Physicians and surgeons held about 567,000 jobs in 2004; approximately
1 out of 7 was self-employed and not incorporated. About 60 percent
of salaried physicians and surgeons were in office of physicians,
and 16 percent were employed by private hospitals. Others practiced
in Federal, State, and local governments, including hospitals,
colleges, universities, and professional schools; private colleges,
universities, and professional schools; and outpatient care centers.
According to the American Medical Association (AMA), in 2003
about 2 out 5 physicians in patient care were in primary care,
but not in a subspecialty of primary care (table 1).
Table 1. Percent distribution
of physicians by specialty, 2003
Family medicine and general practice
Obstetrics & gynecology
Surgical specialties, selected
All other specialties
|SOURCE: American Medical Association, Physician
Characteristics and Distribution in the US, 2005.
A growing number of physicians are partners or salaried employees
of group practices. Organized as clinics or as associations of
physicians, medical groups can afford expensive medical equipment
and realize other business advantages.
According to the AMA, the New England and Middle Atlantic States
have the highest ratio of physicians to population; the South
Central and Mountain States have the lowest. D.O.s are more likely
than M.D.s to practice in small cities and towns and in rural
areas. M.D.s tend to locate in urban areas, close to hospital
and education centers.
Employment of physicians and surgeons is projected to grow faster
than average for all occupations through the year 2014 due to
continued expansion of health care industries. The growing and
aging population will drive overall growth in the demand for physician
services, as consumers continue to demand high levels of care
using the latest technologies, diagnostic tests, and therapies.
In addition to employment growth, job openings will result from
the need to replace physicians and surgeons who retire over the
Demand for physicians’ services is highly sensitive to changes
in consumer preferences, health care reimbursement policies, and
legislation. For example, if changes to health coverage result
in consumers facing higher out-of-pocket costs, they may demand
fewer physician services. Demand for physician services may also
be tempered by patients relying more on other health care providers—such
as physician assistants,, experienced
physicians may work longer hours, delay retirement, or take measures
to increase productivity, such as using more support staff to
provide services. Opportunities should be particularly good in
rural and low-income areas, because some physicians find these
areas unattractive due to less control over work hours, isolation
from medical colleagues, or other reasons.
Unlike their predecessors, newly trained physicians face radically
different choices of where and how to practice. New physicians
are much less likely to enter solo practice and more likely to
take salaried jobs in group medical practices, clinics, and health
Earnings of physicians and surgeons are among the highest of
any occupation. According to the Medical Group Management Association’s
Physician Compensation and Production Survey, median total compensation
for physicians in 2004 varied by specialty, as shown in table
2. Total compensation for physicians reflects the amount reported
as direct compensation for tax purposes, plus all voluntary salary
reductions. Salary, bonus and/or incentive payments, research
stipends, honoraria, and distribution of profits were included
in total compensation.
Table 2. Median total compensation
of physicians by specialty, 2004
||Less than two years in specialty
||Over one year in specialty
Internal medicine: General
Family practice (without obstetrics)
|SOURCE: Medical Group Management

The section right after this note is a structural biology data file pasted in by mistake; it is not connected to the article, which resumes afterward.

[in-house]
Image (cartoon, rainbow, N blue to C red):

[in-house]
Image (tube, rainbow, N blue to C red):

Association, Physician Compensation and Production Report,
Self-employed physicians—those who own or are part owners of
their medical practice—generally have higher median incomes than
salaried physicians. Earnings vary according to number of years
in practice, geographic region, hours worked, and skill, personality,
and professional reputation. Self-employed physicians and surgeons
must provide for their own health insurance and retirement
Physicians work to prevent, diagnose, and treat diseases, disorders,
and injuries. Other health care practitioners who need similar
skills and who exercise critical judgment include chiropractors, dentists, optometrists, physician assistants, podiatrists,
registered nurses, and veterinarians.
|Sources of Additional Information
For a list of medical schools and residency programs, as well
as general information on premedical education, financial aid,
and medicine as a career, contact:
- Association of American Medical Colleges, Section for Student
Services, 2450 N St. NW., Washington, DC 20037-1126. Internet:
- American Association of Colleges of Osteopathic Medicine,
5550 Friendship Blvd., Suite 310, Chevy Chase, MD 20815-7231.
For general information on physicians, contact:
For information about various medical specialties, contact:
- American Board of Medical Specialties, 1007 Church St., Suite
404, Evanston, IL 60201-5913. Internet: http://www.abms.org/
- American Society of Anesthesiologists, 520 N. Northwest Hwy.,
Park Ridge, IL 60068-2573. Internet: http://www.asahq.org/
- American Academy of Family Physicians, Resident Student Activities
Department, 11400 Tomahawk Creek Pkwy., Leawood, KS 66211-2672.
- American College of Physicians, 190 North Independence Mall
West, Philadelphia, PA 19106. Internet: http://www.acponline.org/
- American College of Obstetricians and Gynecologists, 409 12th
St. SW., P.O. Box 96920, Washington, DC 20090-6920. Internet:
- American Academy of Pediatrics, 141 Northwest Point Blvd.,
Elk Grove Village, IL 60007-1098. Internet: http://www.aap.org/
- American Psychiatric Association, 1000 Wilson Blvd., Suite
1825, Arlington, VA 22209-3901. Internet: http://www.psych.org/
- American College of Surgeons, Division of Education, 633 North
Saint Clair St., Chicago, IL 60611-3211. Internet: http://www.facs.org/
Information on Federal scholarships and loans is available from
the directors of student financial aid at schools of medicine.
Information on licensing is available from State boards of examiners.
- Source: Bureau of Labor Statistics, U.S.
Department of Labor, Occupational Outlook Handbook,